A Path Forward for the Home Industry

By Seth Weisblatt, AVB/BrandSource

March 24th is a special day in my life.

A week after St. Patrick’s Day my dad and I typically celebrate his birthday together. Herb was born in 1946 and for the first time in many years we will not be celebrating either occasion together.  Similarly, for much of the rest of the country and the world, it appears that celebrations with loved ones are being held by digital video chats as the COVID-19 pandemic races through the planet’s population.

In my house, growing up revolved around the furniture industry. Dad’s hard work to turn around the family business that his father started the year he was born was a constant focus and a life-long commitment.  As my main mentor, dad taught me the business by attending High Point markets at an early age.  Although I went through high school and college thinking I’d choose a different path, I realized furniture was already in my blood, and in 2003 I took the leap and started working together with my dad and grandmother at Sam’s, our retail store in Ft. Worth, Texas.

Today, a great many stores are being forced to close to contain the spread of the virus. I had written several articles for this great BrandSource network of retail executives to serve as a warning bell as to how the outbreak could impact the U.S. supply chain of furniture — spanning manufacturers, importers and the transportation industry — and suggesting how retailers could best prepare. 

What was completely unexpected by me and seemingly many others was a complete shutdown of the U.S. economy, including the closing of shopping malls and “non-essential” stores, and what is virtually a complete stop to all air travel and hotel stays.  In their place a new concept was introduced to the world: social distancing. 

While I am still bewildered about the current state of affairs, I think it is time to start making transition plans for what comes next.  Temporarily closing their stores and furloughing employees were the hardest decisions many owners have ever had to make.  But there is hope that these showrooms will reopen and will constitute a stronger core on the other side.

Focusing on a “what comes next” scenario for the retail store can provide us with hope and the energy to move forward.  Many of our businesses will weather this storm with a beat-up financial statement and an uneasy balance sheet.  But we’re not down and out.  We will fight back, because that is what retailers do.  That is what our manufacturers do.  Furniture industry veterans are a tough group of “dirty fingernail” doers.  We’re hard workers and have a mission to serve our communities and to help our employees be the best versions of themselves.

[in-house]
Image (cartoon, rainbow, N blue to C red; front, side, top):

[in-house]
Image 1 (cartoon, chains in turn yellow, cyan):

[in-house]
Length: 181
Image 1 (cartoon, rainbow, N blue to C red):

I expect the most positive outcome of the “what’s next” strategy will be the re-engagement of brick-and-mortar retail with the consumer.  Amazon is struggling to fulfill Prime purchases; in Dallas, a just-placed Prime express order is 30 days away.  Its featured “Prime Now” two-hour delivery offering is offline and unavailable. The e-tailer has buckled under the demands of what consumers need.

But grocery stores are restocking their shelves every day and changing hours to meet the demand from consumers buying products locally.  The quarantines and work-from-home orders mean that neighbors are meeting each other on walking trails and in their neighborhoods, sharing their stories and rekindling friendships, even if from a six-foot distance. There is a sense of community in the U.S. again, similar to after 9/11.

Furniture and appliance stores are going to be the center of the recovery.  As Americans are rehired and re-engaged to pull the economy back on track, it will be our local brick-and-mortar stores that will lead this charge. Restaurants might look completely different, but so should our stores. 

For those that qualify for various loan or government assistance packages and are eager to move forward with their retail business, consider how you can utilize these funds to revamp your store experience and reinvest in the marketing side of your operation. Your website should be the most visited store in your chain; AVB Marketing shows that there are five to seven times more people on your site than in your store.  With that number skyrocketing in this period of isolation (people are still browsing for our products), now is the time to prepare and improve a best-in-class web experience.

Dad taught me many lessons in business.  The most profitable time in our store’s history was 2009 to 2012.  Despite a crashing economy in late 2008, we dove head-first into an expanded online investment and strategy. The thinking behind the decision was, “We know the recovery is in front of us; let’s lay the groundwork now to be in the right position when it arrives.”And it worked.  A similar strategy today will work for most of retail. 

So reinvest in digital. Use this time to shed the strategies you knew were not working but were unwilling to change.  Commit to doing something new and bold, because consumers have changed too, and they will be looking to you for a reason to buy something.  Show your customer that you are committed to doing business in the ways they want to shop — with you, locally and engaged online. 

AVB Marketing has the most complete toolset on the marketplace today to help retailers stay relevant and competitive.  Don’t let the FUD (Fear, Uncertainty, Doubt) lock you into indecision.  Take this time to commit to becoming a better retailer and more responsive to your customers’ needs.

I’m here to help. Feel free to reach out to me at seth.weisblatt@brandsource.com and we can work on your businesses plan together.

Seth Weisblatt is Director of Merchandising /Home Furnishings for BrandSource, a unit of YSN publisher AVB Inc. He previously served as Executive Vice President at Sam’s Appliance & Furniture and Vice President of Digital Marketing at Ashley Furniture Industries.